This year’s gubernatorial candidates have not thrilled the majority of voters. Democrat Terry McAuliffe has never held public office, and there are concerns about his history of mixing business ventures with his work as a political operative. Republican Ken Cuccinelli, the sitting Attorney General, has his own ethics challenge with Star Scientific, mostly pertaining to substantial gifts he received from the CEO.
But no one is perfect, and voters must decide which man will best serve them. We believe Mr. McAuliffe is the more pragmatic choice to lead our commonwealth for the next four years.
Ultimately, it comes down to a question of which man can break through the partisan gridlock and form a consensus on the critical issues Virginia faces. Mr. McAuliffe’s strongest asset is his ability to bring together people with differing opinions and negotiate deals in which both parties can find satisfaction. The man is a natural deal maker.
By contrast, Mr. Cuccinelli has used the attorney general’s job to take an active role in promoting his own agenda on cultural issues. He made it clear that his office would not defend members of the state’s Board of Health if they challenged new legislation targeted squarely at clinics that provide abortions. He demanded research documents from a prominent scientist who formerly worked at U.Va. researching climate change, costing that institution hundreds of thousands of dollars in unnecessary legal bills. He instructed state colleges and universities that they could not protect gays and lesbians from discrimination.
We believe Mr. Cuccinelli to be an intelligent man who is passionate in his beliefs. We wholly embrace his general principles against excessive taxation and regulation from intrusive government. But Mr. Cuccinelli has a fatal flaw for one who would be leader of all Virginians: He cannot make pragmatic compromises that allow all sides to come away from the bargaining table feeling they have been heard. This is the problem that is crippling our national government today, and we cannot allow to make further headway in our commonwealth. Our Virginia forebears established this nation on personal freedom and respect for compromise, not rigid ideology.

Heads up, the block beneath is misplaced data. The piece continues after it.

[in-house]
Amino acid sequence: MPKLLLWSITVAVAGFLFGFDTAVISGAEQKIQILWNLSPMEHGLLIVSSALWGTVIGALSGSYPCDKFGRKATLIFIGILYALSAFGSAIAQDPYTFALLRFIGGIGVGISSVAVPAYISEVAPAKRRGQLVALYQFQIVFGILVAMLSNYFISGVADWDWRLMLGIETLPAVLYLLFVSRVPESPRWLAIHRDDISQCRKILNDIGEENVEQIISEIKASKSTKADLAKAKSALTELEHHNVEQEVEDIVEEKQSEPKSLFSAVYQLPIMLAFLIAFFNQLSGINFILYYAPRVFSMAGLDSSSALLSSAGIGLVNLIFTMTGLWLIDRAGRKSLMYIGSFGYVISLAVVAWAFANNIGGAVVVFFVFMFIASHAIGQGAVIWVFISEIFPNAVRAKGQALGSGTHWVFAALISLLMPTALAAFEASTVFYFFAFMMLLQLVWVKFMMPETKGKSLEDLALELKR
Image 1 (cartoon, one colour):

Mr. Cuccinelli has divided not only Virginia’s voters, but his own party. The GOP had an unwritten understanding that Lt. Gov. Bill Bolling would have the next shot to run for governor. Mr. Cuccinelli and his backers engineered a change in the party’s nomination from statewide primaries to a nominating convention, which tends to draw only the most committed and die-hard party members. The capture of the state GOP by hard-right ideologues has done lasting damage to this party.
Ample proof lies in the large number of moderate Republican politicians and strategists who have lined up to endorse Mr. McAuliffe – from Virginia Beach Mayor Will Sessoms to Boyd Marcus, who was chief of staff under former Gov. Jim Gilmore. If Mr. Cuccinelli cannot inspire strong support within his own party, how is he going to forge deals with a General Assembly composed of Democrats and Republicans of varying political leanings?
Mr. McAuliffe’s extensive background in business would help him tackle the state’s most pressing issues, which are directly linked to the economy. His opponents have criticized him as overly opportunistic, but he has been careful to stay on the proper side of the law and has shown an acute talent for bringing deals together and seeing them to fruition.
Mr. McAuliffe has expressed consistent support for Gov. Bob McDonnell’s $6 billion transportation plan, which will fund badly needed work on the state’s infrastructure, including this region’s interstates and tunnels. As attorney general, Mr. Cuccinelli strongly opposed the bill and argued it was unconstitutional. Everyone will agree the transportation legislation is far from perfect. But it’s the first successful transportation bill Virginia has seen in the past decade, is beneficial to the state and to the region, and represented a triumphant compromise for Gov. McDonnell.
When Mr. Cuccinelli visited our editorial board four years ago during his campaign for attorney general, he vowed that his strongly held personal beliefs would not interfere with his responsibility to defend and uphold the laws of the commonwealth. We believe he broke that promise.
Trying to appeal to a broader base of Virginia voters, Mr. Cuccinelli is now once again promising that he would not use the office of governor to advance his social beliefs. Based on his past actions, we find that claim hard to accept.
The third candidate in this year’s gubernatorial race, Libertarian Robert Sarvis, did not return our call inviting him to meet with the Daily Press Editorial Board. As a policy, we do not endorse local or statewide candidates without discussing their positions with them.
This decision comes down to which candidate is best suited to develop and pass legislation that will benefit our commonwealth.
We believe Terry McAuliffe is the best choice for Virginia. He will work to bridge party divides and find common ground to move our state forward. And that’s what Virginia needs.